Second period started with the Bucs applying the pressure early, but Eric Pfligler was able to keep it 0-0. Gamblers returned the favor and applied the pressure and Chris Gartman kept it 0-0. At 5:03 Nate Hansen paid a visit to the penalty box for roughing for Des Moines. The Gamblers’ Matt Johnson was able to convert on the power play on a one-time pass from Matt Greene. Midway through the period, the Bucs got a golden opportunity, a minute plus 5-on-3 opportunity, but Chris Collins was whistled for a double minor for high sticking. From the on-line version of the rulebook, a double minor is for an accidental high stick that causes an injury (Rule 617- High Sticking: http://www.cs.rpi.edu/~kennyz/Hockey/rulebook/node77.html). There was no goals scored on either teams’ power play chances. The period ended with the Gamblers out shooting the Bucs 27-17 for the game and a 1-0 lead.
Third period started off with the Bucs applying the pressure early, but it is the Gamblers who get on the board. Gamblers are able to breakout and feed Joe Crabb, who blasts it from the blue line and made it 2-0 at 1:12 of the 3rd period. Gamblers get another bounce as Crabb centered the puck that deflected off Weston Tardy’s skate and gave the Gamblers the 3-0 lead at 2:58. A little past the midway point, Tim Stapleton is left in front of the net with the p Read more »
For eight years is the Czech Republic waiting for a medal from the Under-18 WJC. This drought
lasts even from the times when the event was only the European championship of the Under-18
teams. Last year’s team was the first one to slip into the semifinals, but finally were the
only unlucky team, finishing fourth. This year this bad streak could come to an end. For
two years it is known that the Czech 1984 birthyear is exceptionally strong, definitely the
strongest one since the 1976 birthyear, which brought NHL stars Patrik Elias and Milan Hejduk
plus some solid NHLers like Pavel Trnka, Radek Bonk and Petr Sykora. The 1984 birthyear boasts
the likes of top 2002 prospects Jiri Hudler, Jakub Koreis, Jakub Klepis or Ondrej Nemec and
some more, of whom the NHL clubs can still one year only dream. This is for example Milan
Michalek or Kamil Kreps. All those players were selected to perform for the Czech Republic
at the Under-18 WJC, held in the Slovak cities Piestany and Trnava.
Now all the focus of
NHL scouts, players agents and hockey fans will be concentrated on those two not very big
cities. They’ll surely see many great players, including the Czech ones. In fact, the Czechs
didn’t invite any 1985 born or younger underager as they have a terrific 1984 born birthyear.
The likes of Lukas Pulpan, Vojtech Polak and Martin Lojek were scratched from the team.
Like in the previous year the Czech will use CHL players on the team, but have to deal
with a limit of four. This year they didn’t even come close to this limit, Martin Vagner
wasn’t permitted to Read more »
When Trevor Johnson was a member of the Kootenay ICE, the Trail native garnered his share of apt and deserving nicknames. ‘T.J.’ was the obvious, ‘Crazylegs’ Johnson was another moniker common to those who’d seen his peculiar skating style during his four years in Cranbrook.
Unfortunately, ‘defensive stalwart’ wasn’t one of those trite pen names that Trevor Johnson was saddled with during his time in the Key City. At the time of the trade Johnson had tallied 10g, 23a for 33 points. The glaring stat however was the -22 and for a defenseman on a team where the defensive corps was considered the strong point, something had to give.
With stats such as 7g, 14a for 21 points and a -4 on a last-place team, it was a stigma that the offensively-minded blueliner has shaken with a fresh start as a Seattle Thunderbird.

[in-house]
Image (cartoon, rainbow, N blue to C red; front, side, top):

Johnson, obtained for a similar style player in Gerard Dicaire at the WHL trade deadline on January 14, made his return to his old stomping grounds in the unlikely position of second round playoff opponent. Something Johnson says he never thought of after the deal. “No, not really,” said Johnson of the improbable match-up. “It’s a little different but that’s the way hockey goes. We won and they won so now we’re playing them. That’s the way it works.”
The week prior to the deadline Johnson’s thoughts were preoccupied with the possibility of getting dealt. His play of late had deteriorated with even his forte, the offensive side of the scoresheet suffering to the point where the defensive game of the shifty blueliner was becoming a distraction.
Read more »
The Johnstown Chiefs defeated the Peoria Rivermen 4-0 in Game #5 of the Northwest division semi-finals, and advance to the Northwest division finals against the Dayton Bombers beginning Friday night in Dayton.
The Chiefs opened the scoring with first period goals by Philippe Roy (power play) and David Gove (shorthanded goal). Chad Onufrechuk added a second
period goal while Kevin Baker tallied in the third period. Chiefs goaltender Frederic Deschenes posted the shutout making 25 saves in net, while Rivermen goaltender Phil Osaer suffered the loss for the Rivermen. This was Deschenes third career playoff shutout in a Chiefs uniform.
The Rivermen took the first two games of the series, in Peoria last week. The Chiefs rallied with two home wins in Games #3 and #4 on Friday and Saturday nights.
Tickets for Game #3 and Game #4 (if necessary) of the Dayton series will go on sale Wednesday morning at the Cambria County War Memorial Box Office at 10:00 a.m.
Game #1 and Game #2 against Dayton will be played Friday and Saturday night in Dayton. Game times are at 7:30 p.m. The games will be played on Hara Arena, not the Nutter Center, Dayton’s home arena. The rest of the series schedule will be announced Wednesday afternoon.
Coming into the 2001-02 season, LW Rick Nash was considered one of several top prospects for the 2002 NHL Draft. He had just come off a season where he was named the Rookie of the Year in the OHL, based mostly on his considerable offensive skills.
Rick’s team, the London Knights, started the 01-02 season slowly, which lead to the hiring of former NHL agitator Dale Hunter as the Knights’ coach. Hunter quickly settled the team down, helping Rick and his teammates develop a work ethic that may have been missing at the start of the season. Nash, in particular, benefited from Dale’s presence, improving his game to the point where he is considered a legitimate candidate to go 1st overall in the 2002 draft.
In 54 games this season, Rick tallied 72 points (32G, 40A), finishing 2nd in scoring on the Knights’ roster. He has added 15 points in the playoffs (8G, 7A), leading his team in scoring while placing fourth in that category in the OHL.
In addition to his work with the Knights, Nash also appeared in 7 games for Team Canada at the 2002 World Junior Championships. Rick picked up 3 points (1G, 2A) in his role as a 3rd or 4th line forward. He’ll no doubt see increased ice time at next year’s tournament.
I had the opportunity to speak with Rick prior to Game 3 of the London-Erie series. The initials “HF” indicates my questions, while Rick answers (minus some bad background singing by some of his teammates) are designated by his initials, “RN”.
HF: First, let’s talk about this season. You guys got off to a bit of a slow start, then (former Read more »